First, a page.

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Osteocytes and calcium homeostasis


Challenging the currently held belief that only osteoclasts are able to remove bone matrix, Qing et al. show that osteocytes from lactating mice express genes such as tartrate resistant acid phosphatase (TRAP) and cathepsin K, which are usually only turned on in osteoclasts that are removing bone from the skeleton. Expression of these genes fell back to normal negligible levels when the animals weaned their offspring. These events were under the control of parathyroid hormone receptor 1 (PTHR1) signaling.

Conditions such as hyperparathyroidism, in which parathyroid hormone receptor protein or parathryoid hormone are produced at high levels are characterised by non-physiological bone remodeling by osteocytes. The observation that mice that lacked PTHR1 did not show any elevation of expression of these genes during lactation, and showed no remodeling of the perilacunar matrix, therefore suggests potential therapeutic implications.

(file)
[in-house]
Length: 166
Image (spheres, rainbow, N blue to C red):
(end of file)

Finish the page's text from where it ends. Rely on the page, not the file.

Editor's comment: Although evidence has been growing that osteocytes are much more active than previously believed, this study is important because it demonstrates eloquently that osteocytes contribute directly to the regulation of calcium homeostasis. The finding that osteocytes can remove the perilacunar mineral during lactation and then replace it afterwards shows that osteocytes are able to recapitulate some aspects of the osteoclast phenotype.

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